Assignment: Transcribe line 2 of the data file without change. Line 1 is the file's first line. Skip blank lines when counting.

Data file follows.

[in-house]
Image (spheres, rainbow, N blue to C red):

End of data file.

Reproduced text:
Image (spheres, rainbow, N blue to C red):